a peek inside the fishbowl

19 Sep, 2015

Weekend reading: September 19 edition

By andrea tomkins in Weekend reading

Sometimes the best little adventures are ones that happen when you divert from the original game plan.

This is what happened when we went to Sandbanks a few weeks ago and decided to explore a new trail instead of just hanging out on the beach all day. It happened when we left our hotel without a dinner reservation. And it also happened during the drive home when we said, HEY, LET’S CHECK OUT A FORT.

Fort Wellington (it’s in Prescott) was on the way so we took a short detour and pulled over.

Bad news: it was closed.
Good news: it didn’t really matter.

We got all of the historical information we needed via our smartphones. All we had to do was imagine the rest. It was a very pleasant, low-pressure, kind of scenario.

Fort Wellington

Fort Wellington

Fort Wellington

Fort Wellington

Fort Wellington

We walked around the exterior of the whole place and when we got to the other side we noticed a little park across the road. So we poked around there too.

The remains of an old dock and a pretty pathway eventually lead to a small lighthouse:

Near Fort Wellington

Near Fort Wellington

Near Fort Wellington

We didn’t realize that we were walking on a former railway yard amid the ghosts of old trains, soldiers, and industry. What remains is just grass, wildflowers, and memories.

Soon it was time to climb back in the car and head for home again. It was a good diversion from our game plan, I think.

Some of you already know about our dog’s Instagram account. It is a multimedia project my family and I started awhile back. I liked the idea of a family Instagram account because it involves two things I love: photography and storytelling, and I think these are skills that are worth cultivating. (Sidebar: this is an ideal introduction to social media for kids are who slightly too young to venture out on their own.)

I first mentioned it in this post over at MediaSmarts.ca and then here, but I wanted to expand upon a few things I’ve learned along the way.


Piper’s Instagram account has seen steady growth these past few months. She’s almost at 900 followers, which eclipsed my personal account a long time ago. Here’s why I think that is:

1) She is much cuter than I am.

2) There are a lot of dog lovers out there.

3) We don’t post too frequently on Piper’s account, or at least we try not to. This is something I learned from our own teenage Instagram users and from my own personal experience as an Instagram user. For me, Instagram represents a brief glimpse into someone’s life, not a photo dump. Posting too frequently overloads your followers’ feeds and can be annoying. So how much is too much? In my view the threshold is 3X/day. Upload more frequently than that and you’re running a risk of losing a follower. Less is more… but,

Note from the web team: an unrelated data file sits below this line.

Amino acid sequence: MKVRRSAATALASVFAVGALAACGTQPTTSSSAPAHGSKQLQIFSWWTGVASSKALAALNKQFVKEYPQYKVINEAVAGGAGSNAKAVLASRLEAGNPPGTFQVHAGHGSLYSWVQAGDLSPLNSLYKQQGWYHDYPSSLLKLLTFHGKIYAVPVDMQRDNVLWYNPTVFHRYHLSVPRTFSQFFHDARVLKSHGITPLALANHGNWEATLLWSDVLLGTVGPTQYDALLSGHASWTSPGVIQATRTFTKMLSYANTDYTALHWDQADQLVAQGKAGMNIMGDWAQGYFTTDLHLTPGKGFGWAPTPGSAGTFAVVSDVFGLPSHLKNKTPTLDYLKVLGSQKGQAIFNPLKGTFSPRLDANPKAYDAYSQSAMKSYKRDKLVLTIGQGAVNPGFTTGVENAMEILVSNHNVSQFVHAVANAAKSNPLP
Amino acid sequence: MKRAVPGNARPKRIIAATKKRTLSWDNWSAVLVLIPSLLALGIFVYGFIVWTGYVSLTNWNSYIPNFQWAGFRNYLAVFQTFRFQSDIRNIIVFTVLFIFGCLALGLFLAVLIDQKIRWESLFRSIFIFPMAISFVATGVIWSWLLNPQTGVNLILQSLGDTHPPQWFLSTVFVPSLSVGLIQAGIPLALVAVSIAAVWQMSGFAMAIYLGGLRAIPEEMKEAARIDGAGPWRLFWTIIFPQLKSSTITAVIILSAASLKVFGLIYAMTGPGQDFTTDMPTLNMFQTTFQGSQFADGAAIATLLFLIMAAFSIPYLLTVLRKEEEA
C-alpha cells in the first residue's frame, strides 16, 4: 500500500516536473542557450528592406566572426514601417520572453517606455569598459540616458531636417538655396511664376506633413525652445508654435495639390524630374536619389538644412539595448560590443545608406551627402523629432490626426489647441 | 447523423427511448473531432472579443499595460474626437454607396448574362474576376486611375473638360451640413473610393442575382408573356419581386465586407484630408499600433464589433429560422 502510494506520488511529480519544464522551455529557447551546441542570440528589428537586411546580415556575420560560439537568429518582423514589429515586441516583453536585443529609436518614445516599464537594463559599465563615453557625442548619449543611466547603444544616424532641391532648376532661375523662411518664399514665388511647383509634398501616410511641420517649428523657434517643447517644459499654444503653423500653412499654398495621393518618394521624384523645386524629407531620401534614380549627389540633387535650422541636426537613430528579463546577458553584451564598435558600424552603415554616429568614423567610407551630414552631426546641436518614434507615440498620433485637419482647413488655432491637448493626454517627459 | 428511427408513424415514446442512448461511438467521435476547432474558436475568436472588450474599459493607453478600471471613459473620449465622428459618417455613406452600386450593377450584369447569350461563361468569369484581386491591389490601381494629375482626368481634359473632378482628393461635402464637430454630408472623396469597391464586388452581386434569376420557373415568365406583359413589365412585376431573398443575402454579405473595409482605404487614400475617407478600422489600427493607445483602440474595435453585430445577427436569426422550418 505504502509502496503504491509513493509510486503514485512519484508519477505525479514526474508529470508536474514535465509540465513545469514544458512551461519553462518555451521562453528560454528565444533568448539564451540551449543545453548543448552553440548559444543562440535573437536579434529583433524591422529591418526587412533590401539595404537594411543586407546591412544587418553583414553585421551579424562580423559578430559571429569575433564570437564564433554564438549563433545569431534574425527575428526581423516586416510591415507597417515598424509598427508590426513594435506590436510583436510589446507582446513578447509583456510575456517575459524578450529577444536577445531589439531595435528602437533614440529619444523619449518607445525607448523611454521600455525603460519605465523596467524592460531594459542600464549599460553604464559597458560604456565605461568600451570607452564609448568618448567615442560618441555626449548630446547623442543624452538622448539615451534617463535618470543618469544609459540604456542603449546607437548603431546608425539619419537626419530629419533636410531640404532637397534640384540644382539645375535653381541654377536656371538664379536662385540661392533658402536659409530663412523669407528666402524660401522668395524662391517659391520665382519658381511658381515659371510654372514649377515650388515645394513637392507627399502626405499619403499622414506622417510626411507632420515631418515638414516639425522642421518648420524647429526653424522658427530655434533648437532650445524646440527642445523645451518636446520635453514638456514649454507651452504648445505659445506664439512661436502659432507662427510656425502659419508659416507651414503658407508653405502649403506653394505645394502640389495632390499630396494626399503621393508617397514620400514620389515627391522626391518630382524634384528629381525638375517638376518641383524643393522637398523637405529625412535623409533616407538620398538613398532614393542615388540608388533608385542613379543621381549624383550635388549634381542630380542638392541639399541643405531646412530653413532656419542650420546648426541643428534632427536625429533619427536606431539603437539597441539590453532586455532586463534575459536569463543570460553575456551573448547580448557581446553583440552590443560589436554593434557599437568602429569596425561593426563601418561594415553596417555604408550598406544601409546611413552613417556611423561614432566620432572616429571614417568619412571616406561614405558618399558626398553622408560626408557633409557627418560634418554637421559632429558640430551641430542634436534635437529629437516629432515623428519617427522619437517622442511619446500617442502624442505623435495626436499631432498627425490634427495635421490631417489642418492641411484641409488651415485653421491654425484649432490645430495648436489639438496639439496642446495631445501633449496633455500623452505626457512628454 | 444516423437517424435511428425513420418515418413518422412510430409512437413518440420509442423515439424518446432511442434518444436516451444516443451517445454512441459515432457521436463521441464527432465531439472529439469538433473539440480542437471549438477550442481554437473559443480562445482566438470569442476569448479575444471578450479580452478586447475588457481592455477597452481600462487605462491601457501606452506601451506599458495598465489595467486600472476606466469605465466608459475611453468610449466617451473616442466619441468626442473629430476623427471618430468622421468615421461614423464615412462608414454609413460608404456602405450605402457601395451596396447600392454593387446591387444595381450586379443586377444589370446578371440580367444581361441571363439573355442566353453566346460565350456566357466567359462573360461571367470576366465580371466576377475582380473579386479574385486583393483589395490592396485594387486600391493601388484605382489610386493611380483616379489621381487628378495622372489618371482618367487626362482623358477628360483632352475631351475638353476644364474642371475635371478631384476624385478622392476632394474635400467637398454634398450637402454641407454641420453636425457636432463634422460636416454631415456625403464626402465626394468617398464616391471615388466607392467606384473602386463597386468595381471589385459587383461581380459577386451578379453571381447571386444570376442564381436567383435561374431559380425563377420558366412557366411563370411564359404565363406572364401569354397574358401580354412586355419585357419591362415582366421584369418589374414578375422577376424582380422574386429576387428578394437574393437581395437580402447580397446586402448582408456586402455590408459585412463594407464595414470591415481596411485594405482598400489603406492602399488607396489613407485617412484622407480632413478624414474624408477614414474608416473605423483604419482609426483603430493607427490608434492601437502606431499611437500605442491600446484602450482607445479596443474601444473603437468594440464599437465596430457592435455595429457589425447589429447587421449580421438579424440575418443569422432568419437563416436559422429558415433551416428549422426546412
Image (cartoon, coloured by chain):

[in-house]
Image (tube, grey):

4) Regularity is welcome. We usually post one photo to Piper’s account every day. It’s usually in the morning, but time of day is something that is worth experimenting with, especially if there are followers who live in different time zones around the world.

5) We don’t go overboard on the hashtags. Using a hashtag will allow other users to find your photo easily but there is a lot of conflicting information out there about the “correct” number of hashtags to use on each Instagram photo. I’ve heard anywhere from 3 to 20. Some recommend creating a list of suitable hashtags and copy and pasting them into the IG caption every time. I think that anything over 10 is going overboard. I use 3 or 4, sometimes none at all. I like to use one for comic effect – even though it won’t result in any additional traffic –  and the others for findability. So for example, if Piper is playing with one of her toys I like to add the hashtag: #squeaktoymurder. This is unique to her, and it’s her “voice.” Otherwise I use #wirefoxterrier and #terrier.

Is it better to use a hashtag with over a million photos attached to it, or less? #Dogsofinstagram has over 19 million photos attached to it today (I just checked), which makes me think Piper’s photo is likely to get lost in the shuffle. #Wirefoxterrier is better suited. There are only 86,000 and the people following REALLY love her breed of dog. The people following #wirefoxterrier are the people who are more likely to follow Piper’s account.

6) Piper is on topic, all of the time. The expectations are laid out in her bio, and she delivers. It’s the Piper show, and we make sure that she is always the main focus. To this point: I uploaded what I thought was a funny video of a dog (not a fox terrier) trying to capture a tetherball. I thought it was hilarious, but it did not get the kind of traction that I thought it would.

7) Piper’s fan base really started to grow after she crossed the 500-follower mark. Maybe it’s a mental thing. Instagram users who find Piper’s account through a hashtag (see #5) are more likely to follow her if they see 499 other people have already done so. A higher follower count subtly says: this is an account worth following.

It’s been a very fun project, and I think I’d like to take it to the next level and maybe publish a book about Piper’s daily diary. We’ll see.

14 Sep, 2015

One of my favourite things

By andrea tomkins in Oh! Things!

Terrarium with a small house

This terrarium is one of two that was given to the girls by Laura Daub, a local artist and former blog patron. Once upon a time it contained two plants, but one shrivelled and died. The other one flourished after we remembered to water it a little more. ;)